The Naked Beer That Will Make Your Mouth Water

Surely a package design tells us more than we could imagine. As the Chinese saying goes “You eat first with your eyes, then your nose, then your mouth”. In the beverage label design this is not different. Wine bottle is usually what gets more attention when it comes to label design, leaving popular small run craft beers behind.

But with US craft breweries embracing aluminum cans the fate of beer cans have changed dramatically. Aluminum is the perfect raw material since it provides a cheap, impact-resistant, recyclable packaging. Protection against light which could spoil the very carefully selected aroma of the beer can be minimized by using aluminum cans. Beverage poisoning when in contact with aluminum is also avoided by a water-based polymer coating process.

As a result of the trend for home breweries and craft beers we have sees an explosion of inventive, creative and original label designs. Following the wave of beer can designs, Russia-based designer Timur Salikhov takes the beer packaging to the next level by introducing the Naked Premium Beer. The idea behind the Naked Premium Beer is to show the beer on the inside of a can. He puts “sweat marks” on the cans, meant to instantly quench thirst in the viewer.

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The Naked Premium Beer is only one out of many examples of clever merchandising strategy. The Naked Premium Beer canister is not a de facto transparent can that has nothing to hide and everything to boast with its appealing cold, delicious and perfect foamy beer. The artist uses printing and visual effect to give a convincing picture of what is inside the Naked Premium Beer. “There are many beer cans with different design. And there is only one that shows what really is inside. Why hide what good beer looks like?”, says Salikhov. So when one looks carefully at the beer can he/she will then realize they have been tricked. But too late unfortunately, after having your mouth water already.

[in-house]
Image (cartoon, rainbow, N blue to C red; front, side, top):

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Other less tricky are the top 10 coolest-looking beer cans from the most artisanal craft breweries to the brewing giants of MillerCoors featured on Thrillist by CraftCans.com guru and Canned! US author Russ Phillips.

Shanghai Metal Corporation offers a wide range of metals such as aluminum, widely used in beer can manufacturing. To find out more, please visit our Website or send your inquiry here. Our English speaking personnel will be more than pleased to help you. Follow us on  LinkedInTwitter, FacebookInstagram and don’t forget to subscribe to our YouTube channel. Or you could try our new mobile app by scanning our QR code.

Source and photo credit: qz.com, adweek.com, thrillist.com, 1adt.com

Camilla G.//SMC Editor

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Cork or Screw Cap For Your Wine Bottle?